By Ross Gallo

Las Vegas sportsbook contestA few months ago, I wrote an article in this space extolling the virtues and camaraderie of handicapping tournaments.  I truly believe that most horse players from expert to novice would find enjoyment in playing in a tournament online, or even better, attending a tournament at one of the numerous venues around the country.  While I enjoy tournaments of all types and formats, I obviously have my favorites (and others not so much) and reasons why, so I’ll try to convey my thoughts to you as best I can in the ensuing paragraphs.

After recently competing in the NTRA/DRF National Handicapping Championship for the 9th time, and coming home empty handed for the 7th time, I would say that anyone interested in playing handicapping tournaments should try to get there at least once.  The tournament is the biggest one we have and the only one that the player MUST qualify for during the year.  It is a wonderful experience in Vegas, but extremely difficult to win.  I’ve often said to many of my fellow, veteran players, “If we were all immortal and each played in the NHC every year for 100 years, you MIGHT have a repeat winner or two at the very most.”  Of course I’ll never be able to prove that theory, but you get the idea.

I would wish for every player to enjoy being at the NHC as many times as possible, but it is a tough tournament.  The hypotheticals, tournaments that keep track of mythical win dollars or win and place, can often times turn into dart throwing contests at longshots.  When you have 500 players in a room and they hang up a $50 horse that 40 people have (and you’re not one of them), your mindset changes, and depending on the timing, your mindset may HAVE to change.  This is the format of the NHC and many other online and live tournaments.  Please don’t get me wrong, I am not against these tournaments.  I’ve won plenty of them, and plenty of money along the way.  They’re fairly simple to play for the most part too, but as far as my personal preference goes, they are not my favorites.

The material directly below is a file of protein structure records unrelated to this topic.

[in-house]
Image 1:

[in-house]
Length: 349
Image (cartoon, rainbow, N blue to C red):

The NHC Tour isn’t a tournament per se, but it encompasses every NHC qualifying tournament of any kind, and players accumulate points for high finishes along the way.  I feel it is a much better barometer of who the best player is in any given year than the two day NHC.  I was lucky enough to finish second during the inaugural year of the NHC Tour and I would encourage anyone with the time and means to pursue the dollars the Tour has to offer.  You need to be versatile because any and all formats are in play.  The only problem with pursuing the Tour is that it can get VERY expensive if you’re in the hunt for the top prizes.  You feel compelled to travel around chasing points, and with airfare, hotels, cars, entry fees etc, there aren’t that many players out there with the time and the money necessary to be able to compete for the top.